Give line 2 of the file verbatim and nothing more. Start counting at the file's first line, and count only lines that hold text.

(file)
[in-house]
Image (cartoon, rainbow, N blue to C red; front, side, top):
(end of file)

Image (cartoon, rainbow, N blue to C red; front, side, top):